Via CDC: CDC Director Releases After-Action Report on Recent Anthrax Incident; Highlights Steps to Improve Laboratory Quality and Safety. Excerpt and then a comment:
Based on an internal review called for by the CDC Director, the report released today concludes that the scientists’ failure to follow an approved, written study plan that met all laboratory safety requirements led to dozens of employees being potentially exposed.
The report also found that there was a lack of standard operating procedures to document when biological agents are properly inactivated in laboratories as well as a lack of adequate laboratory oversight of scientists performing work in these labs.
The report concludes that the critical nature of CDC investigations to detect and respond to naturally occurring and man-made events with select agents while ensuring the safety of staff are paramount and should be guided by the highest standards.
In response to these incidents, CDC has initiated following steps, in addition to the moratorium:
• Established a high-level working group, reporting to the CDC Director, to, among other duties, accelerate improvements in laboratory safety, review and approve, on a laboratory-by-laboratory basis, resumed transfer of biological materials outside of BSL3 and BSL4 laboratories, and serve as the transition group for the single point of accountability on laboratory safety called for in the review of the potential exposure to anthrax incident.
• Begun the process of establishing an external advisory group for laboratory safety. Invitations to participate in this group will be issued by July 18, 2014.
• Initiated an investigation to determine root causes that led to contamination of another avian influenza virus by the H5N1 virus.
• Reported the incident through the proper channels to the select agent oversight body, APHIS.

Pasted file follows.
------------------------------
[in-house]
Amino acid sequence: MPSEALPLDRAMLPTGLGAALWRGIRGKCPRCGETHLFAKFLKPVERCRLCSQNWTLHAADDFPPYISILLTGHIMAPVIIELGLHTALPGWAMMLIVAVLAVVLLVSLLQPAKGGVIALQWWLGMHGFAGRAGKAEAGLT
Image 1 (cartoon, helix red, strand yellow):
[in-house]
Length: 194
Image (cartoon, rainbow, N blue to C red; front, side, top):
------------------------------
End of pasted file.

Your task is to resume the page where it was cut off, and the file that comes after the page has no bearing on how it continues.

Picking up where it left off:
• Established a review group, under the direction of CDC’s Associate Director for Science, to look at the systems, procedures, and personnel issues leading to this event and means of preventing similar events in the future. This review will be done in conjunction with the internal investigation and in coordination with the working group.
• Undertaking appropriate personnel action expeditiously.
CDC has also implemented or is in the process of implementing the following key recommendations highlighted in the report to address the root causes of the anthrax incident:
• CDC will establish a CDC-wide single point of accountability for laboratory safety.
• The Bioterrorism Rapid Response and Technology (BRRAT) Laboratory will not be conducting work with any select agent until a series of reviews and approvals are completed. BRRAT laboratory scientists do not have access to select agents, which have been placed in storage-only mode. These restrictions will remain in place until changes have been put in place to prevent similar future incidents.
• Appropriate personnel action will be taken with respect to individuals who contributed to or were in a position to prevent this incident.
• All inactivation procedures for laboratories working with select agents and other dangerous pathogens throughout CDC are being carefully reviewed and will be updated as needed.
• CDC will improve its response to future internal incidents by the rapid establishment of an incident command structure, as CDC uses for external events.
• The implications for the use of select agents, including for CDC’s regulatory functions through CDC’s Division of Select Agents and Toxins will be carefully reviewed to incorporate any lessons learned.
The incident amounts to an "own goal" miraculously prevented by the goalie's heroic lunge. If you watch soccer (such as the almost-over World Cup), you've seen furious goalies reaming out their defenders for the lapses that permitted such disasters.